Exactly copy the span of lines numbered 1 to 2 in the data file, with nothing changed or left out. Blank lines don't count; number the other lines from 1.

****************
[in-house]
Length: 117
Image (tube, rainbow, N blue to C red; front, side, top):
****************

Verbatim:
[in-house]
Length: 117